[e2e] Re: crippled Internet
J.Crowcroft at cs.ucl.ac.uk
Thu Apr 26 09:26:52 PDT 2001
actualyl ,i dont claim it works well scalably yet, but that it will
tend to get better and better - its stil limportant to consider fancy
queueing for weak points in the net and its still important to
consider mechanisms to remove phase correlation so that we dont get
these occasionaly HUGE delays which we all have seen (but can't find
the really good experimental evidence for yet unelss i missed a
In message <E14slqq-000BiY-00 at rip.psg.com>, Randy Bush typed:
>>> experience with actually using audio tools is that generally the net
>>> is not the main problem so long as neither end is dial up and both
>>> ends haev good analog audio setups - can cite lots of papers pointing
>>> at the problems mostly being with mikes and speakers - typical tier 1
>>> and 2 paths are fine when there isnt inter-provider congestion.
>>this makes sense. thank you!
>>scott called me voice to apply a clue-by-four.
>> o voip packets are time-stamped, so the receiver can filter some jitter.
>> (i like that relative stamping is sufficient. the absoloute needed to
>> measure one-way delay/jitter is a pain in the operational butt. you
>> try getting a gps antenna on the roof of a bunker-style pop)
>> o there can be echo through analog gear at an end, or because mic and
>> earpiece are air-coupled. so echo cancellation is relevant.
>> o codecs can introduce *significant* delay. but, as i said, a network
>> operator i can't do much about delay.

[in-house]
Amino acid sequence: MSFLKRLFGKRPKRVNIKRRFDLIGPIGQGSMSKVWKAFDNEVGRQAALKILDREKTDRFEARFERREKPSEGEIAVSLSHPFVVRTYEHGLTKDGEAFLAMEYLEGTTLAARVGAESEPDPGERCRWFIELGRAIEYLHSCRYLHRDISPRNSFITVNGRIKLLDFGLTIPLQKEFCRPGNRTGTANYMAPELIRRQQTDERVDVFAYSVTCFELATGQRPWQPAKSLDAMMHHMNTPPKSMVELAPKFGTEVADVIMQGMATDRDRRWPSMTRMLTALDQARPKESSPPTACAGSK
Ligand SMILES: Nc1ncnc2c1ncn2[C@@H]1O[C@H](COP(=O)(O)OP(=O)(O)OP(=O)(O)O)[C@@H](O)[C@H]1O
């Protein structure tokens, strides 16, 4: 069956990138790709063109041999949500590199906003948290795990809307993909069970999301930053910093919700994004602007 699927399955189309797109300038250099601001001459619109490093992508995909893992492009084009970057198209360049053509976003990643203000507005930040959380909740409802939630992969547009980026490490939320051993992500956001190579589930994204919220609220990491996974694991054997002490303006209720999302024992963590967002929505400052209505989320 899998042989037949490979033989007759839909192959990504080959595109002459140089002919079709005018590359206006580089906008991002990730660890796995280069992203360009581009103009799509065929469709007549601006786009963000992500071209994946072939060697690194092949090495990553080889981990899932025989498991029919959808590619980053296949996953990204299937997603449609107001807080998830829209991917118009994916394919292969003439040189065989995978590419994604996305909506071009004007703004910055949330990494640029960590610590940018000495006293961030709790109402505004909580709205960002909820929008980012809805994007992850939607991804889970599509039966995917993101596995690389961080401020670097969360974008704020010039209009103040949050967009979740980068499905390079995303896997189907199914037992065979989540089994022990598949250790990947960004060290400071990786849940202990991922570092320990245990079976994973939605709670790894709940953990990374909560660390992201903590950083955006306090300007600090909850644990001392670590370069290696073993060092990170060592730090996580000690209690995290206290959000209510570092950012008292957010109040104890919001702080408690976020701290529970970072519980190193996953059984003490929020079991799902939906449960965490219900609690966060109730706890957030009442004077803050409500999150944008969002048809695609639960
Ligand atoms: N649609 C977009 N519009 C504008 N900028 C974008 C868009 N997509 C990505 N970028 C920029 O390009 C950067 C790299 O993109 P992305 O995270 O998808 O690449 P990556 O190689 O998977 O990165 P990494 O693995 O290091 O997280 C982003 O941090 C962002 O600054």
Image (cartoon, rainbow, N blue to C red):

>>[ and craig and a few others also passed on useful clue ]
>>a whole lot of folk have written to tell me that voip actually works and
>>that i don't need to get too upset that i can't really deploy qos because
>>it is not clear it is a critical need.
>>so my interest remains in the distribution of jitter in time and in jitter
>>clumping. there are issues i have yet to understand here:
>> o have folk characterized what is good/acceptable/bad?
>> o do we have good ippm-style techniques to measure on those dimensions?
>>the point was raised that folk do see occasional very large queuing delays.
>>i have seen single-hop delays (i.e. routing has nothing to do with it)
>>going into the multi-second range. because of the bandwidth delay product
>>on trans-oceanic links, routers have *really* big buffers, so they can
>>have gawdawful queues. but folk are still chasing *why* they have these
>>sudden exciting spurts of scary long queues.
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